A key way to keep your labor costs low is to have the right amount of people working at any given point in time. But how do you determine the right number of people for your restaurant? Luckily, POS software today can track day-by-day, hour-by-hour sales data to help you understand and forecast what time periods are busiest at your restaurant. In addition to sales data, your POS can integrate with advanced scheduling software which enables you to calculate your optimum sales and number of customers served per labor hour (sales per labor hour (SPLH)). With restaurant technology forecasting busy as well asand slow nights, you can then schedule staff while keeping your SPLH percentage goals in mind. This way, you can optimize the mix of workers for your restaurant, ensuring that you’re not paying people to stand around and look busy. A key to breaking even is controlling your costs, so it’s important to keep a close eye on the interdependencies between your labor and sales in order to keep your labor costs low.

Related: How to simplify restaurant payroll with labor management software

Use your POS to cost every menu item and promote highest profit options

In addition to using your POS to track your sales, you can also leverage it to track your costs. By creating a master inventory list, you can itemize each ingredient that you source along with its cost and then determine a cost amount for each item on the menu. With this information, you can set appropriate price points for each menu item based on their costs and your restaurant’s target margin. More than setting the right price, your restaurant marketing team can work to promote the menu items that generate the highest profit for your business. Running promotions and specials on the options that are the lowest cost to you can increase your contribution margin which helps you reach that breakeven point.

Promote alternative revenue streams

We’ve spent a lot of time talking about costs, but what about revenues? In your restaurant’s first year, it’s critical that you optimize the channels through which revenue can be obtained because it may take a while for your brand to take hold in a local area. Therefore, it’s important that in today’s day and age, you offer not only in-person dining but pickup and delivery options as well. These are low cost ways to increase your sales volume, thus increasing your revenue and optimizing your chances of breaking even in the first year.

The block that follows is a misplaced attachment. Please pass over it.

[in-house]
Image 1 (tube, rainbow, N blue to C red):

Expect the unexpected

There will always be costs that you never see coming. In your first year as a restaurant, you might face unforeseen permit costs, startup fees or a whole slew of other expenses. It’s simply an inevitable part of starting a business. The important thing is to budget for the unexpected, plan for these unforeseen costs. If you bake a set of extra costs into your financial projects, you’ll be tracking to the right sales number that you need to break even, even with the buffer of the unexpected.

Setting your restaurant up for financial success early on depends on multiple factors, and this is worth mentioning, is not easy. It’s important that your restaurant understands the components of the breakeven analysis, sets accurate financial projections, and  streamlines costs and optimizes revenues in order to generate enough revenue to cover your fixed costs in the first year. Utilizing these tips will help set your restaurant up for financial success from the start.